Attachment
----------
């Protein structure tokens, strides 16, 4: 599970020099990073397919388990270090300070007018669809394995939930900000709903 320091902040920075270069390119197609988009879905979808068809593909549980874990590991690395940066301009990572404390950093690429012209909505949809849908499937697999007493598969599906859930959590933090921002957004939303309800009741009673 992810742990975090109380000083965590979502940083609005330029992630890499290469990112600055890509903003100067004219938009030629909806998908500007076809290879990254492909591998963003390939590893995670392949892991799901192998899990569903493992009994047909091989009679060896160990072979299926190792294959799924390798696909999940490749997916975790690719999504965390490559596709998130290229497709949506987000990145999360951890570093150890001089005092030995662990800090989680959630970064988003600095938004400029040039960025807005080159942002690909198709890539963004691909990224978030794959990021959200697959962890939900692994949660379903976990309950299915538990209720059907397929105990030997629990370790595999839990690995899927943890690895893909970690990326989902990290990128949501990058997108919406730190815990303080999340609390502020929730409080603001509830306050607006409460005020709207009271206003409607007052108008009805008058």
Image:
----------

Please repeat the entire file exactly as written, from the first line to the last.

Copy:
């Protein structure tokens, strides 16, 4: 599970020099990073397919388990270090300070007018669809394995939930900000709903 320091902040920075270069390119197609988009879905979808068809593909549980874990590991690395940066301009990572404390950093690429012209909505949809849908499937697999007493598969599906859930959590933090921002957004939303309800009741009673 992810742990975090109380000083965590979502940083609005330029992630890499290469990112600055890509903003100067004219938009030629909806998908500007076809290879990254492909591998963003390939590893995670392949892991799901192998899990569903493992009994047909091989009679060896160990072979299926190792294959799924390798696909999940490749997916975790690719999504965390490559596709998130290229497709949506987000990145999360951890570093150890001089005092030995662990800090989680959630970064988003600095938004400029040039960025807005080159942002690909198709890539963004691909990224978030794959990021959200697959962890939900692994949660379903976990309950299915538990209720059907397929105990030997629990370790595999839990690995899927943890690895893909970690990326989902990290990128949501990058997108919406730190815990303080999340609390502020929730409080603001509830306050607006409460005020709207009271206003409607007052108008009805008058």
Image: